Diespeker Wharf is an ongoing retrofit project, augmented over the years as its owners and tenants have come and gone. Pollard Thomas Edwards moved there in the 1990s, when one of its founding partners bought the Victorian brick edifice from then owners, British Waterways. It began life as a timber mill, and takes its name from stone specialist Diespeker & Co, another preceding tenant, whose terrazzo products make a return in this latest incarnation.
When PTE first took ownership, the last remaining tenant had a ground floor workshop where anything from stage sets and firework displays to canal boat superstructures were built. Bill Thomas recalls that scooping out the basement – which today, plays host to Diespeker’s premier social space – was done using a digger inside the building. The only problem, ‘was whenever it had to reach full height it shook the first floor above - so no drawing could be carried out while it was working!’.
The contrast with the calm, softly lit and spacious ground floor interior one encounters today, courtesy of TTSP’s stylish, understated retrofit, is striking – although the mineral quality of the details – the terrazzo ‘bar’ surfaces, the Crittall-style metal windows, and the exposed industrial brickwork – seek to draw a link with the building’s handcrafted past.
Diespeker has always been lived in by artisans and successive occupants (design agency Made by Many have lived on the top floor for years now and Stanton Williams had the ground floor for a while) have altered and re-thought how to use it ever since, most recently, by the third generation of PTE partners with TTSP. The working relationship was intense but fruitful. Given the tight budget, curating the palette together - of brick, wood, terrazzo, safety glass and steel – was a model of collaboration, drawing on PTE’s role as a developer-architect and TTSP’s work in the corporate interiors sector, to great effect.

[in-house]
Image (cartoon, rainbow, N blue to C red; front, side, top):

Three fundamental ideas shaped the project: Creating a workplace ‘better than home’ in response to the lockdown and working from home; providing a strong architectural and brand identity for PTE under the leadership of the new generation of partners; and keying into Diespeker’s history of re-use and renewal.
The result is a transformed workplace - improved accessibility, lighting for enhance wellbeing, and workspace designed for flexible working and sociality: modelmaking and collaboration tables, a new basement kitchen-bar and a renewed focus on the building itself, with previous layers stripped back and window bays opened up. New showers and more spacious toilets have also been provided, there are new meeting rooms - which can also be used for private calls or study. And then there is what you can’t see: the completely rebuilt floors, accommodating power, data and lighting infrastructure, futureproofing Diespeker for easy alteration.
The changed culture is embodied by the monthly Conference Days that everyone attends. These play out across Thursdays: talks, surgeries, walking tours, crits, charrettes, panel discussions, homemade lunches and evening fizz - all of them moments enjoyed in a reassuringly familiar yet inspiring new workplace.